What immediately followed was due to the insistence of El Safy, who said that if Jehane was not suitably attired and veiled she would fail of her mission.  Jehane did not like this.

‘It is not the custom of our women to be veiled, El Safy,’ she said, ‘except at the hour when they are to be married.’

‘And it is not the custom of our men,’ replied the Assassin, ’to choose unveiled women.  And this for obvious reasons.’

‘What are your reasons, my son?’ asked the abbot.

‘I will tell you,’ said El Safy.  ’If a man should come to our master with a veiled woman, saying, My lord, I have here a woman faced like the moon, and more melting than the peach that drops from the wall, the Old Man would straightway conceive what manner of beauty this was, and picture it more glorious than the truth could ever be; and then the reality would climb up to meet his imagining.  But otherwise if he saw her barefaced before him; for eyesight is destructive to mind-sight if it precede it.  The eye must be servant.  So then he, dreaming of the veiled treasure, weds her and finds that she is just what was predicted of her by the merchant.  For women and other delights, as we understand the affair, are according to our zest; and our zest is a thing of the mind’s devising, added unto desire as the edge of a sword is superadded to the sword.  So the fair woman must certainly be veiled.’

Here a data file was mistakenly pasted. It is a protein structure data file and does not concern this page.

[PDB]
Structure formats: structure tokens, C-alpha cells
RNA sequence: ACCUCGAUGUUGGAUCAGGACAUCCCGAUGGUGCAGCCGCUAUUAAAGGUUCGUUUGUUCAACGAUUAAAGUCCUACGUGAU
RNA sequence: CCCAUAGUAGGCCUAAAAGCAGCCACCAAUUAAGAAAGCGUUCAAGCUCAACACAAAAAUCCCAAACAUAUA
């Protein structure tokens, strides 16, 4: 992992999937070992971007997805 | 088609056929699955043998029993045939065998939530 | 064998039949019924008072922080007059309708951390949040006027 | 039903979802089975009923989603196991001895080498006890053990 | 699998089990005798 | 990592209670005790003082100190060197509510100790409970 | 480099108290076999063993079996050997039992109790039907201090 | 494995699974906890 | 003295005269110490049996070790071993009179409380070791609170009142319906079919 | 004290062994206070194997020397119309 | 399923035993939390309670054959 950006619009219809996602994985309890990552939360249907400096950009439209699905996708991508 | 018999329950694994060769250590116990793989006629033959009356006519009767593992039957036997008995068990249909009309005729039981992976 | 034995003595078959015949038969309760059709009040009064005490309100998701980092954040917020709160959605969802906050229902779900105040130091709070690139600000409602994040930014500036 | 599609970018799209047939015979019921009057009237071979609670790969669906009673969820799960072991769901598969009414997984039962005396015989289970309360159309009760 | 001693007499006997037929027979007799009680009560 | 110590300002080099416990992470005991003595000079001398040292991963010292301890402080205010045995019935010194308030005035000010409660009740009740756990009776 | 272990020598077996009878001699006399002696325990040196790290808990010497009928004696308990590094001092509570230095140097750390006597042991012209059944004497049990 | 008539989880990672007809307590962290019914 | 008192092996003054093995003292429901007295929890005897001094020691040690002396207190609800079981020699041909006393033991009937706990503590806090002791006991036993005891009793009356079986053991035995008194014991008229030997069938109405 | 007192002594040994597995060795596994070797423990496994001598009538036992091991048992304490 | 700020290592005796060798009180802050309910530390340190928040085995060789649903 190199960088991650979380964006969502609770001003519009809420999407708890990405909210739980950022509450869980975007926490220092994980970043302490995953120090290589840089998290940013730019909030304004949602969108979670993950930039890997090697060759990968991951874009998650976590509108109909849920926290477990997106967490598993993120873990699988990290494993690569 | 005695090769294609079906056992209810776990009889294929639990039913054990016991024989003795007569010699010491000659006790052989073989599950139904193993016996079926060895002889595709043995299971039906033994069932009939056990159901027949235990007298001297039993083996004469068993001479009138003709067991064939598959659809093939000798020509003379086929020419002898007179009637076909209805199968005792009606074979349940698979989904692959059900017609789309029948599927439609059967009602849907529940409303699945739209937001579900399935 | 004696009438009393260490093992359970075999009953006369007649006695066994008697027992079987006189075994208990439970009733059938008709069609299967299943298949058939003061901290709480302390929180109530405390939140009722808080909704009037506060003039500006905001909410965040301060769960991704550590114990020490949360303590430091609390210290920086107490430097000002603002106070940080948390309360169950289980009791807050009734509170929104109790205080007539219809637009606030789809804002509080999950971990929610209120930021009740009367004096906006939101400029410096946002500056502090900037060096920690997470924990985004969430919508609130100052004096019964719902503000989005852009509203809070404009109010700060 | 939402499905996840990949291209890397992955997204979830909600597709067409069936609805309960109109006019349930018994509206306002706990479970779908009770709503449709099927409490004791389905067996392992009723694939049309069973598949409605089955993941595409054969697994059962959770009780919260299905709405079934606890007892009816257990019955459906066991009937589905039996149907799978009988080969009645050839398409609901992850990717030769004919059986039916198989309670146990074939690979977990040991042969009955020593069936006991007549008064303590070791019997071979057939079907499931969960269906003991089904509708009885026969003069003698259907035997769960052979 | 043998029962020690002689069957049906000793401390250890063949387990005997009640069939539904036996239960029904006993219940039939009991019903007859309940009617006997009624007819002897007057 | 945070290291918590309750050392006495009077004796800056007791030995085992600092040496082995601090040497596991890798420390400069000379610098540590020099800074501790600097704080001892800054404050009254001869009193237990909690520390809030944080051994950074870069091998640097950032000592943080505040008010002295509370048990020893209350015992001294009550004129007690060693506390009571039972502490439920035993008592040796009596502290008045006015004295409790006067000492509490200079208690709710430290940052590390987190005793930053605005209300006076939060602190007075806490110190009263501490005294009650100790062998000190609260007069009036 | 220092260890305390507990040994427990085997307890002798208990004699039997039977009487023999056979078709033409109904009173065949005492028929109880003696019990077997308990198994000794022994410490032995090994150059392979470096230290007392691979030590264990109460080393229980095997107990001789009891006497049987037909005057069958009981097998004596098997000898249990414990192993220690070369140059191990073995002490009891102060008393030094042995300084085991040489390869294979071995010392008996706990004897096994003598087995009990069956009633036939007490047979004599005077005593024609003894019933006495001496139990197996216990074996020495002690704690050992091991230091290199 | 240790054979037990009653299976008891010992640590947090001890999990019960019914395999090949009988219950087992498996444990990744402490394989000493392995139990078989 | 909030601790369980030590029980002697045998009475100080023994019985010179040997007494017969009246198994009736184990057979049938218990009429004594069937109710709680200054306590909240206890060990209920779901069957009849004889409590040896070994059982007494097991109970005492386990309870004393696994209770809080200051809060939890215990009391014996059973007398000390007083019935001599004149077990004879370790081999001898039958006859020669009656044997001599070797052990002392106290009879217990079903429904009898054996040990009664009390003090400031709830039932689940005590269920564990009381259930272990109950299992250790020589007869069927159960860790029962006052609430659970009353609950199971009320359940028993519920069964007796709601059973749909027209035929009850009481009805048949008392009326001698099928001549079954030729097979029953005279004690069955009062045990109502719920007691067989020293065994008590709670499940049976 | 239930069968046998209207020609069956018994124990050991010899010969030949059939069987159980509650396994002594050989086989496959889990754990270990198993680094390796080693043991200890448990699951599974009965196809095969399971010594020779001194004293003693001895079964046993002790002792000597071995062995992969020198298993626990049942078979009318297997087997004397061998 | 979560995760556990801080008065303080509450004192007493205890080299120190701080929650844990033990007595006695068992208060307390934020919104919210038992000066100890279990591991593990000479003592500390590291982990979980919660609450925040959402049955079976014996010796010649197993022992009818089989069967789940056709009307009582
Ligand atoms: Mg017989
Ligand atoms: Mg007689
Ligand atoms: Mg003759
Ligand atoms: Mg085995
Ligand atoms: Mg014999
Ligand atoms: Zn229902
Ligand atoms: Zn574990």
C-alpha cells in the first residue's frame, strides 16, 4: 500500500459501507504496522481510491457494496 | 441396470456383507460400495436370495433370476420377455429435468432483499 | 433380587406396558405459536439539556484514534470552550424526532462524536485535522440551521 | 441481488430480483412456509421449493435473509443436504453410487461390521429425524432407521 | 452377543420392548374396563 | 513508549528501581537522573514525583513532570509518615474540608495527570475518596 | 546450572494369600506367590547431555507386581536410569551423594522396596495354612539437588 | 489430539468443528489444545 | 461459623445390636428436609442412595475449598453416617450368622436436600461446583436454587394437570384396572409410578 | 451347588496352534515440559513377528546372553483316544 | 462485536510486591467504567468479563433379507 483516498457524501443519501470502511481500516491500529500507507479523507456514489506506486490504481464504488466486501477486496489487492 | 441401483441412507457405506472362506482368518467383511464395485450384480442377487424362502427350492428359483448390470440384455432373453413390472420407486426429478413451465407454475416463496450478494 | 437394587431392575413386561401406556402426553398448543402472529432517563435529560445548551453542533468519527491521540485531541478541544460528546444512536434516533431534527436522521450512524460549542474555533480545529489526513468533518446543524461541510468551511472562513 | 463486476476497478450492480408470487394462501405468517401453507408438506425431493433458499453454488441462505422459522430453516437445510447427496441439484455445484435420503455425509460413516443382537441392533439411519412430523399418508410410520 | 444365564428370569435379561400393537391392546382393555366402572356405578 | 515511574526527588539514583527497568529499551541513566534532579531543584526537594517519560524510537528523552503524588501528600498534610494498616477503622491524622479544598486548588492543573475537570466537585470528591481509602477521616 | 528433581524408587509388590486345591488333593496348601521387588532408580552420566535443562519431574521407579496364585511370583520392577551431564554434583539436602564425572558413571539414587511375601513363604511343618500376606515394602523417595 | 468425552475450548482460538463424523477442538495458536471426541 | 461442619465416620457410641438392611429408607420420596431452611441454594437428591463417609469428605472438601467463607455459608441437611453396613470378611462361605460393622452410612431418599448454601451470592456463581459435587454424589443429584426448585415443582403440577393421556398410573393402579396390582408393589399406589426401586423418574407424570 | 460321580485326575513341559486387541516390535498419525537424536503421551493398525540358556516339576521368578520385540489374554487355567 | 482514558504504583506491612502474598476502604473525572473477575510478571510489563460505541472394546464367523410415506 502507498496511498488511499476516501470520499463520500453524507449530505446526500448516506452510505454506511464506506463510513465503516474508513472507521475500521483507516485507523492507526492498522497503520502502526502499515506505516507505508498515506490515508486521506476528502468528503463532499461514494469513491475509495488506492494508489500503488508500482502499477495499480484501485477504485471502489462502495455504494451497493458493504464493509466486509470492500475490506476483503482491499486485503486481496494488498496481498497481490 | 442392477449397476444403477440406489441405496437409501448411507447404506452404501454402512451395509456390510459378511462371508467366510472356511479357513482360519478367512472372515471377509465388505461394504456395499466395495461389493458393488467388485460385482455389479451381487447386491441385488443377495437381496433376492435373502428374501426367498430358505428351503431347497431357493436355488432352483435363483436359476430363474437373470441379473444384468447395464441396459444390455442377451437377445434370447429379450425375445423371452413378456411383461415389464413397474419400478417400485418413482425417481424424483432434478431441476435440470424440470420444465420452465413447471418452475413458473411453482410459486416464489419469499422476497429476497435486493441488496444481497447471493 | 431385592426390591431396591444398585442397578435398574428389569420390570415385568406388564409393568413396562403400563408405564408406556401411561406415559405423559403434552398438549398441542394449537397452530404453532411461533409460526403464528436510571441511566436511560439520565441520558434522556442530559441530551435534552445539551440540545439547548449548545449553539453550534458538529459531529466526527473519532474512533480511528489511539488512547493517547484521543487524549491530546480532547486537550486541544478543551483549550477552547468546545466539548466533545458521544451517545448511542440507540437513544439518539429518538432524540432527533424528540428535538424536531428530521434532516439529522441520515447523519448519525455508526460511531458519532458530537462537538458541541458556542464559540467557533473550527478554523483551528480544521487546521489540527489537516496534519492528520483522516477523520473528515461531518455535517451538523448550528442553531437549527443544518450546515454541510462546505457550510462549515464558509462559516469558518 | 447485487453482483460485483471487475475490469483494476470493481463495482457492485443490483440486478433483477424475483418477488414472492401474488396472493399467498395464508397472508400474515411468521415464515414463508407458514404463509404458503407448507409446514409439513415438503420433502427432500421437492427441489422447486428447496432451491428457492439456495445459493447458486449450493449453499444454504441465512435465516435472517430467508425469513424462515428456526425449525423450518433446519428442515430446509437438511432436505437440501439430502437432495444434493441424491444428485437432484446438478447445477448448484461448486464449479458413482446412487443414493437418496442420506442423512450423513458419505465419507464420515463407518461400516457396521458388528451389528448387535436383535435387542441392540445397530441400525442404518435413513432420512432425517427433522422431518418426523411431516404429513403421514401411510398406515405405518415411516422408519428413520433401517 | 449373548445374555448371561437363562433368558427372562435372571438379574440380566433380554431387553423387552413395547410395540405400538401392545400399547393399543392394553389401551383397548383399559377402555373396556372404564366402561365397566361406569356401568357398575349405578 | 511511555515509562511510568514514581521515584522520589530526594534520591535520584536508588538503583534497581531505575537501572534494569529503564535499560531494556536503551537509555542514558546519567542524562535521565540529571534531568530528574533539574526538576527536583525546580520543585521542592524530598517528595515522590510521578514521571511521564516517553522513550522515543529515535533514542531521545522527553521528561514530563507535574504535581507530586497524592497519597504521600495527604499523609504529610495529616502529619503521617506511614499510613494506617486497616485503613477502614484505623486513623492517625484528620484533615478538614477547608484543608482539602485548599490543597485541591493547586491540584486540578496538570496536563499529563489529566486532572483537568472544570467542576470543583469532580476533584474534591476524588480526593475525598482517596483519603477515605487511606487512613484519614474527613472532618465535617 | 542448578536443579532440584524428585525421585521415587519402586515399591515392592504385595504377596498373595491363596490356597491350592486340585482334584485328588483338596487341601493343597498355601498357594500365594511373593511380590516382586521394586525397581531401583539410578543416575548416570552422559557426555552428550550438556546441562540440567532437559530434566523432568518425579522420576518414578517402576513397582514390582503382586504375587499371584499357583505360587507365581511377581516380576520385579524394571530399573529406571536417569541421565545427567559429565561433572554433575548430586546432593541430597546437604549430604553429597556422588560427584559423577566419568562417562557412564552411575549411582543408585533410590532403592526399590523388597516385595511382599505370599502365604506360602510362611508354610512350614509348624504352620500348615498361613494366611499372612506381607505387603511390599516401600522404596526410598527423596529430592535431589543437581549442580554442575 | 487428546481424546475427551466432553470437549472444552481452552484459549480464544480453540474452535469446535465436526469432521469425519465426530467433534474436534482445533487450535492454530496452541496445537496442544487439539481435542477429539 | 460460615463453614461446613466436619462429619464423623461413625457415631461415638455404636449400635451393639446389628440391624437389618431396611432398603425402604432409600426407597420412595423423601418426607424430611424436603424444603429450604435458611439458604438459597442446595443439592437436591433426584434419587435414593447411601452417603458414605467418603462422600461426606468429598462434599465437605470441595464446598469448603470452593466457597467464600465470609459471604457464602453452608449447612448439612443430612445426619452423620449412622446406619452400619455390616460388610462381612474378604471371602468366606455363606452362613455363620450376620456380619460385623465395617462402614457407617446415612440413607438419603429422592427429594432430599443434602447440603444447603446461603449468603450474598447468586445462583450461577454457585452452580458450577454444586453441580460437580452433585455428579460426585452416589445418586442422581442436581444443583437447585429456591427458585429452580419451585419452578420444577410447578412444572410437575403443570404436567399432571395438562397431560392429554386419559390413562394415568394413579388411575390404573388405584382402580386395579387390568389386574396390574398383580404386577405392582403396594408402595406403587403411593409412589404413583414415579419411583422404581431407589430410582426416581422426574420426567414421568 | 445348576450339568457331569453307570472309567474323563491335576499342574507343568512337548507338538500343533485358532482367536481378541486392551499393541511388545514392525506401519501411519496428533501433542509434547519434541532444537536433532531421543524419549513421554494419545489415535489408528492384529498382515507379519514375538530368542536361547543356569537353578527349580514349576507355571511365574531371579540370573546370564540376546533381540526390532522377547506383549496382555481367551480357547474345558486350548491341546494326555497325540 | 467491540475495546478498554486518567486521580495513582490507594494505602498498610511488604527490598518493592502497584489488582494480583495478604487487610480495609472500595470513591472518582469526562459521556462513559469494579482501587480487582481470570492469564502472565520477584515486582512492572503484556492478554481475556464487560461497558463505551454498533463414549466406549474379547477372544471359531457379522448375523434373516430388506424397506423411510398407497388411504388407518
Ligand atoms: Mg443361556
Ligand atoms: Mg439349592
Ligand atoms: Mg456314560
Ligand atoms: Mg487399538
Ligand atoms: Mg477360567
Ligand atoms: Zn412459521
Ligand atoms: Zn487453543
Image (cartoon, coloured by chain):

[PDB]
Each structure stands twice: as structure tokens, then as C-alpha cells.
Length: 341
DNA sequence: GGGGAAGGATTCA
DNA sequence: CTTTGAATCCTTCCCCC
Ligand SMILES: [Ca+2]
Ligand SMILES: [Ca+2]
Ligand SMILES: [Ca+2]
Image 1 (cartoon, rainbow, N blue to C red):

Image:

‘The saying hath meat in it,’ said the abbot; ’but here is no question of merchants, nor of marriage, pardieu.’

’If there is no question of marriage, of what is there question in this company?’ asked El Safy.  ’Let me tell you that two questions only concern the Old Man of Musse.’

Jehane, who had stood pouting, with a very high head, throughout this little colloquy, said nothing; but now she allowed El Safy his way.  So she was dressed.